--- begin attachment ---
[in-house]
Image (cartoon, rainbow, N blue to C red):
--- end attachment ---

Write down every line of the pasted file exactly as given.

[in-house]
Image (cartoon, rainbow, N blue to C red):